We've heard reports of Sony planning to produce fewer units of the PlayStation 5 in its first year than it had for the launch of the PlayStation 4.
That said, we're just happy that the console is still on track for an end-of-year launch, despite COVID-19.
The Tokyo-based tech giant is limiting the size of its initial production line as the ambitious specs are putting a strain on the already-stretched workforce.
Could this lead to a higher price than we expected?
Continue below as we explain what all of this means for PlayStation gamers.
Sony's Production Capacity
A Sony spokesperson has explained that the COVID-19 pandemic has affected Sony’s promotional plans for the new device, but not its production capacity.
Assembly partners were told that Sony would make 5 to 6 million units of the PS5 in the fiscal year ending March 2021.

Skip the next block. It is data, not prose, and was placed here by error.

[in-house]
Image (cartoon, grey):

However, back in November 2013, the PS4 sold 7.5 million units in its first two quarters.
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What this means is that demand is going to outweigh the supply chain, which in other industries traditionally translates to a price surge.
Think about trying to grab an Uber on New Year's Eve and you'll understand.
Price Could Surge
The theory behind all of this is that a loftier price tag for the PS5 would deter initial take-up.
We were anticipating the price to be somewhere in the region of £400 to £500, but now we're expecting increased component costs and a stretched out workforce to bump the price up considerably.
This really is the news that we didn't want to hear, and it spells a big opportunity for Microsoft to steal some reluctant gamers with their marketing strategy for Xbox Series X.
We will be back with updates as the news drops.